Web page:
Editor’s Note: This article was transcribed by Brett Schulte.
Defending Fort Gregg
A Johnny Reb’s Story of the Surrender on April 2, 1865.
EDITOR NATIONAL TRIBUNE: I notice in the issue of THE NATIONAL TRIBUNE of March 27, 1902, two accounts of the fight and surrender of Fort Gregg, near Petersburg, Va., April 2, 1865, one by James Ray, 12th W. Va., Park Miles, Ohio, and the other by H.T. Lucas, Co. H, 39th Ill., Le Roy, Ill. I know nothing as to the merits of either’s claim, but I was one of the “Johnny rebs.” that was captured at the surrender of the fort, and I think perhaps it would be of interest to some of your many readers to learn something about the surrender of the fort from one who was on the opposite side.
The fort was situated on the Boydton Plank Road, about one and a half miles south of Petersburg, and was impregnable against capture, so far as infantry was concerned, except with the consent only of the troops within the fort. It was constructed of earthwork, forming a half circle, with inside breastworks of logs, one parapet sufficiently high for infantry to fire from, and one for cannon. It had a well-fitted stockade of logs, with portholes 12 feet high for muskets, extending from wing to wing, with a stationary gate in the center, thus forming, as stated above, an impregnable defense against infantry. This fort was captured only after the ammunition for muskets was exhausted, when it would have been folly to continue fighting, as more or less lives would have been lost without accomplishing any results. At the same time no relief was forthcoming or in sight, consequently we considered the best thing to do was to surrender, and we did surrender, although several of our men were shot after the surrender. One of my own company fell at my side after getting out and from the fort some 15 or 20 feet; two others were shot before getting out of the fort. Altogether during the siege of the fort we lost 30 killed and wounded, mostly killed. The loss to the Union troops must have been terrible, as they were exposed to a galling fire for two and a half or three hours at very close range, so close were the closest that when each went to fire over the top of the fort they could hit each other’s bayonets and force their guns to one side or the other.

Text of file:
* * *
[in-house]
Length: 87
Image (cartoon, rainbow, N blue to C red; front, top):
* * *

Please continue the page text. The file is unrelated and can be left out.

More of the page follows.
We held, before agreeing to surrender, what might be termed a council of war. In this council we concluded to open boxes of cannon ammunition and use the shells as hand-grenades by cutting the fuse four or five seconds and throw them over the fort, thinking this might cause the Union troops to fall back and thus effect our escape, but to our sorrow all the shells had been used as the Union forces advanced.
In conclusion of my narrative I must say that the Union forces are to be commended for their endurance under the circumstances, and it was their endurance only that accomplished the surrender.
After the surrender we were marched back until we came to the observatory, where we were halted and counted. We numbered 170 men. From there we were taken to City Point, put upon a boat and sent to Point Lookout, Md. The writer returned home just three months from the day of capture, July 2, 1865. I will also add that we were treated kindly while in prison.–GEO. W. KENNEDY. Rice’s Battery, McIntosh’s Battalion, Third Corps, Army of Northern Virginia, New Market, Va.1
- Kennedy, George W. “Defending Fort Gregg.” National Tribune 15 May 1902. 3:6. ↩